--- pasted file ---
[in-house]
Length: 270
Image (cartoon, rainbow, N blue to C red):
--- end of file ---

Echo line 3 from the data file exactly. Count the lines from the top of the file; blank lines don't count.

Image (cartoon, rainbow, N blue to C red):